If you value stability in your life and career, it may be best to look for a job where you can expect to perform similar tasks on a regular basis, have the same schedule every day, and work in a similar office setting. If you need a lot of mental challenges, consider a career that involves frequent travel and a wide range of tasks.
Advantages of determining your values
Learning about your own personal values as a young adult can help you make better judgments and shape you into the kind of person you hope to be in your professional life. Finding out what you truly value will help you in many ways:
Identifying Core values can help you solve problems.
Learning about what you care about most might help you deal with difficult situations, which can hinder your capacity to think clearly and make sound judgments.
Think about how you can make a decision based on your principles when you’re faced with a difficult scenario.
It’s human nature to want to jump to conclusions, but pausing to consider your principles first can help you make a decision that is both practical and true to your beliefs.
If selflessness is a highly valued trait of yours and you come across a person in need, assisting them may boost your self-esteem because you’ve had the opportunity to put your values into practice.
Having a set of values might help you prioritize.
If you can narrow your attention to a handful of core beliefs, you can eliminate the clutter from your life that isn’t serving you and make room for the things that will help you grow into the person you were meant to be.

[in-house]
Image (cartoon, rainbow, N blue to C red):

Pay close attention to the decisions you make on a daily basis and establish a list of the things that are most important to you; this will help you determine what these things are. Your time may become more valuable as you develop a deeper awareness of your ideals.
Confidence is something that can be fostered by embracing one’s values.
Possessing a healthy dose of confidence can set you up for success during job interviews and once you’ve landed the job. Having faith in your own judgment increases along with your self-awareness as you come to terms with your own values and principles.
Having faith in yourself can help you tackle difficult challenges, such as those you could face in a job interview or on the job. It can also improve your interactions with others in your immediate environment, such as your friends, coworkers, and superiors.
Your professional prospects can benefit from your values.
There are a lot of decisions you’ll have to make throughout your career, and they could have varying effects on your personal and professional life. Not only can knowing your values help you pick a fulfilling profession, but it can also improve your decision-making at work and smooth the way for a smoother transition in the event that you decide to switch jobs.
A life of freelancing or entrepreneurship may appeal to those who place a premium on autonomy. A job in teaching or research could be a good fit for those who consider it important to learn new things throughout their lives. Getting a job can be a step toward figuring out what’s important to you and moving in that direction, which might help you identify your values.
Guide to define your core values
1. Make a list of your principles.
Think over the examples of basic values I gave above and make a list of all the ones that ring true for you. Include any that you can think of that aren’t already there. Please choose the values that best represent how you feel about or act.